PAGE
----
What I had to do is… literally, my own path to complete that a little bit more, was … as we were coming up with innovations, I started to write research grants. I had to write commercialization paragraphs, and I thought about it, and I thought, "Gosh, I have never had any training on this, but it's really intriguing to me”. I asked some colleagues of mine what they write in their proposals on this. They're like, "Don't worry about it. The government is not really that serious about wanting us to commercialize this," and I thought, "Wait a minute. What are we doing?"
To Me, One of the Worst Things is that You're Going to Have a Tombstone on Your Grave that Says, "Still So Much Talent Inside." That's Not Acceptable.
I left academia so that we could work on innovations that can really be applied. I'm passionate about applying it. I'm passionate about making a difference. I'm passionate about teaching STEM women and coaching them around really having that focus of making a difference with their talent because to me, the worst thing that can happen is, well, one of the worst things anyway, is that you're going to have a tombstone on your grave that says, "Still so much talent inside." That's not acceptable. Not to me.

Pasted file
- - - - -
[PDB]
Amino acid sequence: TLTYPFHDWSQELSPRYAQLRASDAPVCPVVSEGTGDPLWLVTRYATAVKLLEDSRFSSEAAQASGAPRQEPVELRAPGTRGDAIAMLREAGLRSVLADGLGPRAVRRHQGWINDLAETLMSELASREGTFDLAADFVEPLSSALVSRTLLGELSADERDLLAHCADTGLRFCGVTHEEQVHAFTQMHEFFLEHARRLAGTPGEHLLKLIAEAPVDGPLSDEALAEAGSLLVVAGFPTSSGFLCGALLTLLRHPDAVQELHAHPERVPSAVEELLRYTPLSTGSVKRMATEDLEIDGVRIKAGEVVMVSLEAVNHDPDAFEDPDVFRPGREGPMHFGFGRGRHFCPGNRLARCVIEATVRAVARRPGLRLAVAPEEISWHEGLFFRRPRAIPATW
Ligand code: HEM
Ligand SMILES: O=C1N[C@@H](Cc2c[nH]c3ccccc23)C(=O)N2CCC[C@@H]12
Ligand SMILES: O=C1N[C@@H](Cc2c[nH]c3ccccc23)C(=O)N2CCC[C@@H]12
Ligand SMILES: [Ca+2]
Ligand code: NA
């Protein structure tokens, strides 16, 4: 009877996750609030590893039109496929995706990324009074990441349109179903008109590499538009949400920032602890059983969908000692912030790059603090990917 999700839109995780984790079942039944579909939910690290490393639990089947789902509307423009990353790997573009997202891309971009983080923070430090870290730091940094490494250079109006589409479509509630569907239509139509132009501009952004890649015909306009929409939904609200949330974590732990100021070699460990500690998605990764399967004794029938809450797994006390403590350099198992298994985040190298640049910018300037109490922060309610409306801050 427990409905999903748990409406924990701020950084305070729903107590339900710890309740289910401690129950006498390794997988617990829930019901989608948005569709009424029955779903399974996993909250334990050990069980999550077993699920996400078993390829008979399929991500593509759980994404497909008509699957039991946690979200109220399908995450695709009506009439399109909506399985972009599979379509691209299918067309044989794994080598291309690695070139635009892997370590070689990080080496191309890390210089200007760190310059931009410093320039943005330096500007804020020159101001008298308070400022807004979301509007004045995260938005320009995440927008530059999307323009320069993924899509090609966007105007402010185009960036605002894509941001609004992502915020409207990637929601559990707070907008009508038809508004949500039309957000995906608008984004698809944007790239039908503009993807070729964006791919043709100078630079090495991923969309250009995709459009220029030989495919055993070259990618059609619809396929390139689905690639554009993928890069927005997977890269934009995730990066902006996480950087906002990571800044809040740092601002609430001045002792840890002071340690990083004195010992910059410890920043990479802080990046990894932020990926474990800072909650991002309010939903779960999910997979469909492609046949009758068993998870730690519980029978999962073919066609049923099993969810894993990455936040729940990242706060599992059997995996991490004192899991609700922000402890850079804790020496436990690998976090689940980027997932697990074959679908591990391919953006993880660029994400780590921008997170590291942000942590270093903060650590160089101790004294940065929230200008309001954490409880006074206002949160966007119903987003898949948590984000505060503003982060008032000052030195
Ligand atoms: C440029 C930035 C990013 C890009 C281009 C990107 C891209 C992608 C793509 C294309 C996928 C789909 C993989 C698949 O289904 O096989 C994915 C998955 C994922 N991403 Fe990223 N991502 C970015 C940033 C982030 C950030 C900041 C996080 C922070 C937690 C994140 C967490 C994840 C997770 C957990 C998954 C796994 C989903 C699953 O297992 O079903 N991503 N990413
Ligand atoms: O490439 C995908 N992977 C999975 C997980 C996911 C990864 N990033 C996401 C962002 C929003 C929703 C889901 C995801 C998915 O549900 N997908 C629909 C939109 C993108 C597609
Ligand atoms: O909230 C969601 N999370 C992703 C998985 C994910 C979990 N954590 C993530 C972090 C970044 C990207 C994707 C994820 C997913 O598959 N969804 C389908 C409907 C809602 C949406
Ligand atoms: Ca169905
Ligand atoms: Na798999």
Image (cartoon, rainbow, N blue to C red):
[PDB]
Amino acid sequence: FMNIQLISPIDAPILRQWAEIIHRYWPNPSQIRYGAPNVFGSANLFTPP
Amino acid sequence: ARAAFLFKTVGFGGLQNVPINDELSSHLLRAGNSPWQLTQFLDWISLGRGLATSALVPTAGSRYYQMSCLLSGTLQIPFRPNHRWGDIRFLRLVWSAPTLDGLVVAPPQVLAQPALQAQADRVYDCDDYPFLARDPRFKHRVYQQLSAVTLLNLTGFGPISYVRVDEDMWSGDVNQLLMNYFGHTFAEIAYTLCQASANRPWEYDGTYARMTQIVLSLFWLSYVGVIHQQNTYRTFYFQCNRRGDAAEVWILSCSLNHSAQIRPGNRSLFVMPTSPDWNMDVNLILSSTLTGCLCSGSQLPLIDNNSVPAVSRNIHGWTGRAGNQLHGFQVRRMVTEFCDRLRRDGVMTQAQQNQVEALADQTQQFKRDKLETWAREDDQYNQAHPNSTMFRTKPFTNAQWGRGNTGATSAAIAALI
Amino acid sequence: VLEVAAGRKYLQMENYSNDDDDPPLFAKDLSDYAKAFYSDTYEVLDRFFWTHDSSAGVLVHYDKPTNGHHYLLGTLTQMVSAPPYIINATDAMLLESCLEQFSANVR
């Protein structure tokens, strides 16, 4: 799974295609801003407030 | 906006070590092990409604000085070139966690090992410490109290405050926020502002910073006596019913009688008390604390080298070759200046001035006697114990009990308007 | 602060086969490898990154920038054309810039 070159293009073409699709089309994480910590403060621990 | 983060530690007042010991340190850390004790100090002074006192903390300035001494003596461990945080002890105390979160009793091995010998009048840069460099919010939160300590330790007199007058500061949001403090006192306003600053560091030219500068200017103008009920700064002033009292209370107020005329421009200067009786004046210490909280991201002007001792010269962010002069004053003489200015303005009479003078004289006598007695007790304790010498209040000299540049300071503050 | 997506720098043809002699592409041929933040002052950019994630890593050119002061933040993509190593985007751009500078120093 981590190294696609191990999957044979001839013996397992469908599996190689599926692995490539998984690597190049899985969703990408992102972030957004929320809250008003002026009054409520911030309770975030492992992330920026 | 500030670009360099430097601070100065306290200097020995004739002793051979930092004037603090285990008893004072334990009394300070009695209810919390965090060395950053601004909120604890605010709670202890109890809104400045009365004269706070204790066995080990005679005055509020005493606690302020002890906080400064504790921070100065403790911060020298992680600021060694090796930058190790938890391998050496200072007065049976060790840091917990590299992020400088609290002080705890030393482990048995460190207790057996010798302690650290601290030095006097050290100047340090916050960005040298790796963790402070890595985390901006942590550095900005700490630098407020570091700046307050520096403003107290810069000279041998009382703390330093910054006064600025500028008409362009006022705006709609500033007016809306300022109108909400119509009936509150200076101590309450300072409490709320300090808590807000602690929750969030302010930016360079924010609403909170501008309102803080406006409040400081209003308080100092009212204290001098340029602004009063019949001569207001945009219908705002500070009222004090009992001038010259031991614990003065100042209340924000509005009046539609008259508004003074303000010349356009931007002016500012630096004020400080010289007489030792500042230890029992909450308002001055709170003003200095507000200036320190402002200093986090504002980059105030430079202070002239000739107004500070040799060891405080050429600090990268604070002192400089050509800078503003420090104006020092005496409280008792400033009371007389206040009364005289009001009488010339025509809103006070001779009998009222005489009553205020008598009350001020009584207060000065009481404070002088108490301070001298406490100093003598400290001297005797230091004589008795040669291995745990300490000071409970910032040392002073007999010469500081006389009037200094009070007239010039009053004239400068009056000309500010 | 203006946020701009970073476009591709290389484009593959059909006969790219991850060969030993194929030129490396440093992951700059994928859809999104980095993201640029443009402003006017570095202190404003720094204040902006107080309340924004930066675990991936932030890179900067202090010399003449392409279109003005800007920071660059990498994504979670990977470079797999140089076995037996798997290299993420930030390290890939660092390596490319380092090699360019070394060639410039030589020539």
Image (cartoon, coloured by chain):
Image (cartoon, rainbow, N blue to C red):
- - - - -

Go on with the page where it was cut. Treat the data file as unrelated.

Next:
A Lot of People Think, "Oh, Wealth is Money." Well, it is Money, But it's not Only Money.
It's about taking your talent and transforming that into what we call wealth. Wealth isn't just money because a lot of people think, "Oh, wealth is money." Well, it is money, but it's not only money. You can think of it like a three-pronged stool or a three-legged stool. One leg is money. If you're an employee, it's income or bonuses or perks or whatever they give you. If you're a business owner, now we're talking about revenue, and actually, we're talking about profit.